There’s just one small thing: she’s absolutely right.
The female characters in Knocked Up (I’m referring to Heigl and Mann, who’s married to Apatow) are shrill, humorless succubi. In fact, I’d argue that most of Apatow’s female characters are underwritten and oversexed, but that’s another column for another day. What Heigl said about the movie wasn’t untrue, but she came across as ungrateful, and no one likes an ungrateful movie star…unless he’s a dude. Guys talk trash about their old movies all the time, and no one bats an eye at it. If Heigl’s Ugly Truth costar Gerard Butler came out and said that 300 was crap, would anyone make a big deal out of it? No, they wouldn’t. Seems a little…sexist, don’t you think? Yes, well, now you know how Heigl feels.
Aniston, meanwhile, has never taken heat for saying anything out of turn in the press. She has always been very careful to maintain her image as an American Sweetheart™, and she has been rewarded for this by an adoring public. This is hilarious, because in reality Aniston is a ruthless, cunning, stone-cold killer when it comes to promoting her “brand.” If Heigl wears her heart on her sleeve, Aniston’s is secured behind six inches of steel in a vault surrounded by a moat filled with crocodiles. She doesn’t make a single move without first analyzing it from 17 different angles for its potential impact on her Q factor. Look up each time the tabloids went nuts over Jen’s new boy toy, and you’ll see that each one of them lines up with the opening of one of her films. Aniston hasn’t had an unguarded moment, or made an uncalculated move, in over a decade. This makes her arguably the fakest celebrity of all time, which is saying something considering the asshats that we call celebs today.
Her characters are high-maintenance pains in the ass
So were Reese Witherspoon’s, for the most part, and no one’s held that against her. Also, women are complicated. It’s actually nice to see one refuse to play the bimbo or the fool. As for her role in Killers, well, that was just bad casting. She had no business playing a naive shut-in with no self-esteem.
She’s hell to work with
I wouldn’t know anything about that firsthand, and even if she were, using that as a measuring stick to determine which actors to like or dislike is a hypocritical copout. (Psssst: Russell Crowe, Tom Cruise, Edward Norton, Jack Nicholson, Sean Penn, Daniel Day-Lewis, and Christian Bale thank you for not holding this quality against them.)
Her movies are bad
This is mostly true. However, Aniston’s made five times as many bad movies as Heigl has, and she continues to be forgiven. And it’s not as if there are great romantic comedies being made all around Heigl; the genre is suffering a drought, and a girl’s gotta work.
I am not saying that Jennifer Aniston deserves to suffer what Katherine Heigl is going through at the moment. Ideally, both actresses would be treated equally; they are paid to entertain us, and that is all that should matter. But let’s get some proper perspective on them: what Heigl has said and done, in the grand scheme of things, is pretty innocuous, while far greater Hollywood crimes have, for the most part, gone unpunished. Not to mention, the Heigl backlash sends a dangerous message to little girls everywhere that if they want to succeed in life, they should keep their mouths shut. Aniston, meanwhile, is being rewarded for her steely grasp of the media machine, and how she worked the power of her image into a sustainable brand, long past her career peak. She’s not even known for being an actress anymore – she’s known for being a celebrity, and with an entire generation of kids who crave fame more than love, achievement, or happiness about to overtake the entertainment business, that sends an even worse message than the one about keeping quiet.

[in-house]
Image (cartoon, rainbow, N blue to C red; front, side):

When it comes down to it, I think the reason people dislike Katherine Heigl is because they’d be scared to death to be friends with her, because if they were doing something she disapproved of, she’d make sure they knew it. Most people don’t want to be friends with that person, but the fact is everyone needs at least one person like that in their lives, because it works both ways. If you were being a bully, she’d tell you to step off. If you were being too passive, she’d tell you to stick up for yourself. She could use some work in the diplomacy department, yes, but who do you want on your back in a bar fight, the person who says the right things in order to please everyone, or the one who will fight to the death to defend your honor? (See: Heigl’s public shaming of Isaiah Washington after he called Grey’s co-star T.R. Knight a faggot.) Heigl may be neither of those people in real life, but based on her comments to the press, she’s far closer to the latter than she is to the former, and I find that admirable. Aniston, meanwhile, is still an enigma, 17 years after most of us met her for the first time. Oddly enough, this earns her a few bonus points for keeping her private life private – at least until such time as it’s convenient for her to sell this or that scoop to a tabloid in order to advance her career – but that raises the question: why do people like her so much, when after nearly two decades in the spotlight, we still know next to nothing about her?
Fight the good fight, Katherine. In an industry that is referred to as high school with money, it’s nice to see someone on the fringe of the popular clique look at the other popular kids from time to time and say, “Wow, you guys are douchebags.” If you ever find yourself in a bar fight, I will totally have your back.